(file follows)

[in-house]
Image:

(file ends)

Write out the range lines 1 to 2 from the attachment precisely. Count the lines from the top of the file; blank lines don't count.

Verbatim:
[in-house]
Image: